I applaud the Bushenyi District Health Officer (DHO), Dr. Edward Mwesigye and the Chief Administrative Officer (CAO), Elias Byamungu, on how they manage drug stoke-outs and expiry of drugs and supplies.
On one of our recent facilities inspection drives, I was humbled by Nancy Nyasuguta Nyamweya, the Senior Clinical Officer and in-charge of Kyeizooba HC III in Bushenyi district. As the in-charge, she commits the little Primary Health Care (PHC) funds to the burning needs of her facility.
The facility receives sh5.4m every quarter as PHC with 30% of this meant for administration, 30% for health facility development and 40% for primary health care activities such as immunisation, child days and other outreaches.
Whereas other facilities may not show anything visible from these resources, Nyamweya has managed to run the administration, motivate her workforce, put up a fence for her health facility, place partitioning curtains in the maternity ward for the privacy of mothers, buy gumboots and uniforms for all her staff including porters and askaris (guards), repair and replace small equipment for the facility, among other facility needs, in a phased manner.
These are the same things that most of our health facilities’ managers have failed to do in many years, giving the justification of limited funds. When I saw what Nyamweya was doing, I was moved to share it as I thought of the many requests I receive in my office from other facilities for money top-ups to do the same things she is doing with the same amount of PHC funds that all these facilities receive.
As a sector, our resource envelope is still small to cover all our needs at ago, but as managers we have to do what Nyamweya does; identify our gaps and needs and use the little resources we get in a well-planned and phased manner to tackle these one by one.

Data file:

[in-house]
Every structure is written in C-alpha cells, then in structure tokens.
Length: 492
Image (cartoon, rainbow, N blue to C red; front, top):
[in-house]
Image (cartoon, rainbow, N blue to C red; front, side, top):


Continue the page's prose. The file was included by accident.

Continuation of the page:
This way, the little we have can do wonders. I also applaud the Bushenyi District Health Officer (DHO), Dr. Edward Mwesigye and the Chief Administrative Officer (CAO), Elias Byamungu, on how they manage drug stoke-outs and expiry of drugs and supplies.
They make sure health facility in-charges do monthly physical stock counts, then compare which facility has less or more of specific drugs and supplies and thereafter redistribute among their facilities within the district.
Apart from the rampant theft of these medicines and supplies among other causes for which we are planning a more sustainable solution, stockouts are also caused by under-estimation of what is required at the time of placing requests to the National Medical Stores from our facilities.
The other scenario of expiries is also propagated by over estimating the need. These incidences can also be recorded over time due to an increase or decrease in actual demand from our clientele, accordingly. It should be noted that quite often, the above incidences vary from facility to facility within the district.
Therefore, all DHOs should monitor these trends seriously in their districts and reallocate accordingly, until we put in place more sophisticated control measures and systems. In other districts such as Sheema, Lyantonde, Rubiriizi and Lwengo, where GAVI helped us construct medicines and vaccines stores, we were amazed by the good quality of construction works handed over by the contractors.
Yet in other districts, the same amounts of money delivered completely sham structures. This portrays how responsible or not the district officials are in terms of monitoring and supervising such initiatives meant to improve services and the well-being of their people in their districts.
We can repair this health system by employing such better planning and management skills. All this is possible, if we are of the right mindset. We shall continue to have funding gaps as a growing nation but we must learn to optimise our little resources.
The writer is the Permanent Secretary of the Ministry of Health